As a person who has been tested and diagnosed with Hashimotos (aka antithyroid peroxidase antibodies), I am aware how little is known about antibodies and NOTHING is known about the treatment of it.
I know, I know…. go gluten free, dairy free, sugar free. I did the everything free diet – my thyroid antibodies never went down and in fact went up. Compounding this huge diet change, my eating life become stressful and barren.
Yes, many people find this diet change a big benefit. If you feel better on a gluten free diet, stick to it. For me I never noticed a single shift in my physical being. The biggest change – feeling deprived when I went out to eat and tired of eating a clean protein with veggies. I was sick of fish and chicken with veggies. Some days I thought I would turn into a fish or at least zucchini.
Yes, I did every supplement under the sun. No change in antibodies.
After a year and half of eating this way, my thyroid antibodies never lowered. In fact, they went up even more. Finally, as my dad was dying I threw in the whole diet thing. I went to Dunkin Donuts and had THE BEST chocolate chip muffin. I never looked back. In fact, never saw my health get worse. I kept thinking today will be the day I feel like shit…I’m eating this “crappy” food. Nope. Nothing.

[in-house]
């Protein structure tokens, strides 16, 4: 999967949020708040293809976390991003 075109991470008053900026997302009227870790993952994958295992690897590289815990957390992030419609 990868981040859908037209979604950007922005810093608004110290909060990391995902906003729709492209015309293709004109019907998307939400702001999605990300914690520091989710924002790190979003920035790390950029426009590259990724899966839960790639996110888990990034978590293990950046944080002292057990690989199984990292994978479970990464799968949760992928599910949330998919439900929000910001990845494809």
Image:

It was after my marriage dissolved, my thyroid antibodies went way down into normal range. My “ah” moment, stress was my trigger.
What was my big lesson? As health practitioners we make big generalizations and the topic is as multi-faceted as the people who have the antibodies.
Yes, this topic is blurry, fuzzy and ambiguous. Which brings us to the impact of antibodies on fertility and implantation.
I am aware there are IVF doctors who treat autoimmune disorders with experimental modalities (mostly IV treatment). My experience with clients who have under gone treatment – poor results.